Generations of carnations

Departments - Meet the Grower: Sue Ellen Hendricks

Fourth-generation cut flower grower Sue Ellen Hendricks carries on her family tradition of growing.

February 18, 2022

Sue Ellen and her 10-year-old son Alden, who's been helping around the greenhouse since he learned to walk.
Photos courtesy of Hendricks’ Flowers

As a fourth-generation flower grower, Sue Ellen Hendricks grew up knowing she was destined for the family’s greenhouse. Both of her paternal grandparents were raised on carnation farms in two neighboring towns outside of Philadelphia. In 1937, they purchased a carnation growing facility in Lititz, Pennsylvania, and expanded throughout the 1950s by adding more greenhouses and a small retail shop.

“The greenhouse started out at the edge of town, and as development happened, the town absorbed us,” Sue Ellen explains. The “cutesy little agricultural community” of Lititz looks like the setting of a Hallmark movie, she says — and in fact, it has been featured in films before.

Although the times have changed since her grandparents started growing at this location, Sue Ellen works hard to keep the charm of fresh, local flowers alive.

“We’ve been able to push through and survive because of the quality product that we’re supplying customers,” Sue Ellen says, explaining that the business is now 90% retail. “We’re really unique in the fact that we … are growing a lot of our own cut flowers for our shop.”

Today, Hendricks’ Flowers spans six greenhouses with a total production space of 33,000 square feet. By blending proven practices with a diversity of new varieties, the Hendricks family keeps adapting to continue growing fresh cut flowers.

Some of Hendricks’ crops, like its gerbera daisies, have been in the ground since Sue Ellen’s grandfather passed away in 1996. Once a year, the family steam sterilizes the soil — killing weed seeds, viruses and bacteria.

Keeping the classics

In the early days, Sue Ellen’s grandfather, Clyde Hendricks, primarily grew carnations and chrysanthemums for the wholesale market in Philadelphia. Back then, “it was a whole-family operation,” she explains, “where grandma would help disbud carnations, my aunt would answer the telephones and everyone would chip in to clean crops.”

While Sue Ellen’s brother started working in the greenhouse full-time after high school, she went off to study plants to help advance the family business. After earning a degree in ornamental horticulture and a master’s in soil chemistry, Sue Ellen joined Hendricks’ Flowers in 1995. By that time, her dad was taking over the greenhouses, with her mom running the retail shop.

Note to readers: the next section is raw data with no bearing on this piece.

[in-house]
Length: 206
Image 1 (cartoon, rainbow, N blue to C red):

“My father was very open to my [ideas] about what else we could grow,” she says. “Gerbera daisies were always my favorite, so that was the first crop [I added]. From that point, we increased the diversification of our greenhouses. Now, we probably have 70 different varieties.”

The greenhouse grows everything from freesia and calla lilies to lisianthus, tulips and cut poinsettias, alongside new varieties like butterfly ranunculus. Diversification keeps the retail supply fresh — especially as classic flowers like carnations get harder to find because domestic suppliers have closed down and international quarantine requirements have made imports impractical. Now, instead of having several greenhouses full of carnations, Hendricks maintains one small bed.

“It’s an old-fashioned variety called Lavender Lace that smells like cloves, which is what carnations smelled like in my grandfather’s day before they were genetically altered for stronger stems and higher petal counts,” Sue Ellen says. “It’s a crop our customers ask for and look forward to.”

Hendricks family, from front to back: John (brother); Bob (father); Alden (son); Bernie (mother); and Sue Ellen.

Improving processes

When Sue Ellen first added gerbera daisies to Hendricks’ inventory, her grandfather warned her, “Get your spray mask ready, because you’re going to be spraying for whiteflies every week,” she recalls. Instead, she started releasing beneficial insects to control pests naturally. “We put out Encarsia formosa once a week,” she says, “and we don’t have to spray for whitefly because the beneficial insects take care of that for us.”

She also updated the operation by installing temperature sensors in the greenhouse and contact sensors on the boiler and coolers to help her keep an eye on the environment. This is a huge improvement from her grandpa’s old-school approach when he lived next-door to the facility, before his death in 1996.

“My grandfather’s method of checking the greenhouse was to shine a flashlight out of his window to see if there was frost on the greenhouses,” she remembers. “If [he saw frost], he knew it was too cold, and he’d come sleep on one of the workbenches.”

Looking ahead

Sue Ellen’s father, Bob, and mother, Bernie, are still active in the family business. As the friendly face of the company, Bernie often reminds long-time customers what flowers they ordered 30 years ago. At age 84, Bob still helps Sue Ellen plant carnations and chrysanthemums to keep the family tradition growing strong.

Her brother, John, handles the greenhouse crops. With a staff of four in the greenhouse and about 20 in the flower shop, Sue Ellen says some employees have been at Hendricks for almost 50 years — making the team feel more like family.

“We’re a good team,” she says, “but as far as the business continuing in our family, I’m going to leave that up to my son.”

Although her 10-year-old son, Alden, began helping in the greenhouse as soon as he could walk, Sue Ellen says it’s too early to tell where his interests will lead. Plus, Sue Ellen is only 51, “so it’s not time to decide yet,” she says. “In our family, you don’t retire — you just keep growing.”

The author is a freelance writer and frequent contributor to Greenhouse Management magazine.